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Review: Green Lantern #27

Green Lantern 27

With this issue we’ve taken our first true steps into the next era of the Green Lantern Corps. Though some are still reeling from Relic’s attacks, there’s no time to fixate on past battles or even reconstruction anymore. Once again the Corps finds itself at the brink of war and it doesn’t look like they can avoid it. Continue reading

Review: Aquaman #26

Aquaman 26

As part of a rare breed of comic nerd, I will happily take any opportunity to proclaim my love for Aquaman. Sure, the world thinks he’s the worst member of the Justice League, but Aquaman’s awesome, capable of all the depth and power of the sea itself.

So I was torn when the New 52 launched the first new Aquaman comic in years. On one hand, I was particularly tired of Geoff Johns’ style of storytelling at the time and his villains bored me to death. On the other, here was a writer who not only loved and understood Aquaman but propelled him to the top of the sales charts. For the first time, the word got out that it’s ok to like Aquaman. That’s why I felt so weird dropping the series.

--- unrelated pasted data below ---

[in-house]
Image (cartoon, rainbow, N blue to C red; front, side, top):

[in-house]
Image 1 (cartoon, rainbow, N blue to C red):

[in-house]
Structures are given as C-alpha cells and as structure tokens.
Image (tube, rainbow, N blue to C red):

I may go back and read it in trade (the way it was meant to be read), but with a tight comics budget, I just couldn’t justify picking it up every month. Perhaps, I thought, I’ll return to Aquaman someday, some day when the currents change.

Well that day is today.
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Lex Luthor 1